Picture This: Can a Drawing Help Solve Business Problems?

Oct 01, 2019

4 mins

Picture This: Can a Drawing Help Solve Business Problems?
Aglaé Dancette

Fondateur, auteur, rédacteur @Word Shaper

You are in a meeting and you are trying to understand your colleague’s PowerPoint presentation, but your brain isn’t making the connections—the numbers are piling up and nothing makes sense. Visual thinking specialist, Dan Roam, has some solutions for you. In his bestseller, The Back of the Napkin, he explains how a simple drawing can solve problems and express your thoughts, not only in business, but elsewhere in life too. The American author gives you practical tools to deal with any given problem, particularly for when you are developing and selling ideas. Convinced you can’t draw? Don’t worry, just follow the guide.

Draw to find, develop, and sell ideas

Whatever the business, all companies rely on the art of problem-solving—how to make money, manage teams, or meet a deadline despite supplier delays. Visual thinking is about dealing with these problems by processing visual information in a way that is separate from verbal or auditory thinking.

As Dan Roam explains in his book, you are born with the ability to visualize and build up mental pictures of ideas, even if you are otherwise convinced that you have no aptitude for it. In fact, visual thinking involves developing your sense of observation, looking at and seeing things, and then using your imagination to reinterpret them to share with others. Solving problems with images has nothing to do with being artistic and and requires no creative talent whatsoever.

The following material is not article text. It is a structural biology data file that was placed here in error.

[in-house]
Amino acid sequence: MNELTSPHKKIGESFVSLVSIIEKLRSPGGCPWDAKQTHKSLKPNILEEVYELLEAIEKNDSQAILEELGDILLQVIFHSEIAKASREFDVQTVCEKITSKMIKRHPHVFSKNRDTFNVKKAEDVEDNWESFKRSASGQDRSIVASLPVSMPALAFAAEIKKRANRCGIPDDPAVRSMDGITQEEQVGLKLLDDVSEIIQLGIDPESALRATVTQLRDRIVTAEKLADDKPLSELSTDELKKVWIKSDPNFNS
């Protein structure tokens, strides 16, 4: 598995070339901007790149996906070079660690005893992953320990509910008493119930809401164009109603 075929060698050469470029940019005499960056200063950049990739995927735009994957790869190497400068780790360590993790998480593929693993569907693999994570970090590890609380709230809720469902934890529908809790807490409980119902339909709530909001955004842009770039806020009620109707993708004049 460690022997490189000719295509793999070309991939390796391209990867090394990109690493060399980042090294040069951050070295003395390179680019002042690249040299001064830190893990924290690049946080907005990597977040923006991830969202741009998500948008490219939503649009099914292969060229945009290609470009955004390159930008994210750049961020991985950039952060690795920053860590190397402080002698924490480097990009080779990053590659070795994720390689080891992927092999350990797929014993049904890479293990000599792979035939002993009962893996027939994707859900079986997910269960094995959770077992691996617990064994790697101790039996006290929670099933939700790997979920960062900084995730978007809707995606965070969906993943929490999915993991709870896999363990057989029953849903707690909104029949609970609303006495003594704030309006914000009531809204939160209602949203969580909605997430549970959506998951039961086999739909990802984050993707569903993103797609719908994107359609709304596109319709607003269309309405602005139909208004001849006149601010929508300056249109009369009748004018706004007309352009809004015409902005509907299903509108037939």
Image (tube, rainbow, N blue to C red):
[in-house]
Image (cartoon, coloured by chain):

According to Roam, a picture is often the easiest way to illustrate something. It’s also the best way to share an idea with a team because a drawing gets everyone behind one mode of communication. Drawings simplify things and echo the most basic concepts that are universal. They end up being a good way to encourage involvement and bring everyone together. A picture will stay in the memory of your colleagues much longer than a lengthy speech, giving them a clear vision of what they must do and why, allowing them to work more effectively.

The six questions to ask yourself

For any problem that you’d like to solve, there are six ways to deal with it. You can choose the right kind of picture depending on the type of question you want to be answered:

1. To answer the question Who/What?
Draw a portrait. Example: to define a company’s target customer profile.

2. To answer the question How much/Many?
Draw a graph. Example: to show predicted sales revenue for the year ahead.

3. To answer the question Where?
Draw a map. Example: to find the optimal solution for transporting goods from one town to another.

4. To answer the question When?
Draw a timeline. Example: to show deadlines and the company’s long-term goals.

5. To answer the question How?
Draw an organization chart. Example: to explain the roles of different teams within a company which are involved in the launch of a new product.

6. To answer the question Why?
Draw an interaction of different objects. Example: to prove to your boss that an extra week of annual vacation would have unbelievable benefits on productivity.

There’s no need to be especially original. It’s more important to choose the most coherent format for the point you’re trying to make. It’s not about drawing something realistic and/or exact; it’s about simplicity.